Patrick Rivers, who goes by the name Mangu Awarau, is one of Mr Harawira’s closest friends. He was part of the Internet Mana campaign and spoke at Mr Harawira’s election night function, just days after being charged with raping a girl younger than the age of 12.

“There he was on election night standing as the pillar of society giving a mihi, and yet everybody there – the whole community knew – a couple of weeks in advance that he was facing these charges,” says Te Tai Tokerau MP Kelvin Davis.

Neither Mr Harawira nor Awarau would talk to 3 News today – they did not reply to questions via email or phone.

Hone can not be faulted for hiring him before the charges. But to have him speak at your election night function, after he had been charged by Police was a massive error of judgement, and sends an awful message out to the community.

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Guest Post: Smart green rhetoric but dumb dirty policies

October 25th, 2014 at 7:00 am by David Farrar

A guest post by a reader:

During the 2014 election campaign both Labour and the Greens told us how they want a ‘smart green’ economy that takes advantage of new technology to produce higher value products and lower carbon emissions. In addition, they want an economy that discourages speculation in housing, reduces inequality and puts more people in work.

These are admirable goals and not new. However, the irony is that the policies put forward by Labour and the Greens (and most of the other parties to be honest) are not smart or particularly green. Rather, their polices are dumb and dirty.

For the most part, both Labour and the Green’s economic policies rely on the assumption that the private sector is dumber than government officials. They assume the private sector is holding off investing in innovative green ventures or productive research until the government assists by giving a grant or tax incentive.

Their economic policies require a bureaucratic money-go-round. Some taxpayers pay more tax in order that other taxpayers pay less tax or receive grants in return for undertaking the deemed beneficial activities. Or it may be the same taxpayer paying less tax on income from favoured activities and more tax on other income! Such schemes are more likely to create a drag on the economy than boost it. That is unless you believe government officials are masterminds! Sam Morgan recently pointed out that if officials really had a superior record in picking winners, he’d hire them.

If one accepts the need for the government to raise more money, substantially raising the top rate of income tax for a small group of higher income taxpayers is not smart. People don’t like paying more tax, particularly a huge 40% of any extra income they earn as the Greens propose, so find ways to lower their taxable income. Raising the top tax rate inevitably raises less revenue than the relatively small amount mathematically possible.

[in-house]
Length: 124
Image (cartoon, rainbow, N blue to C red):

The tax avoidance encouraged by higher rates of income tax also distorts investment. For example, the huge growth in tax loss generating rental properties in the 2000s was driven in part by taxpayers avoiding the fifth Labour government’s increase in the top rate tax to 39% for any income over $60,000.

However, a capital gains tax would do little to discourage the middle class from continuing to invest in rental properties. A capital gains tax is not payable until way into the future, if ever, in their minds so would cause them little immediate concern. Furthermore, with Labour’s version the CGT rate would only be 15%.

A more effective way to make residential property less attractive and raise revenue would be to impose a tax that immediately hits the pocket and is impossible to avoid. A land tax set at a small percentage of the value of land owned, payable annually or maybe quarterly, would do this. A tax free threshold of around $200,000 could exempt the land occupied by the average family home while discouraging the pouring of more money into low yielding property.

A land tax would be better at reducing inequality and do less to discourage productive activity than a CGT or raising income tax. Other taxes on the stock of capital such as inheritance and gift taxes have similar advantages. Such taxes were used in the past to break up big estates and reduce inequality. Any party serious about reducing inequality needs to consider using them.

On the supply side, if we really want innovative businesses and individuals to bring their ‘smart green’ ideas to New Zealand then we should stop trying to tax them on their worldwide earnings. New Zealand has to be more attractive than alternative destinations, and not trying to sweep all residents’ offshore income into New Zealand would be a good start.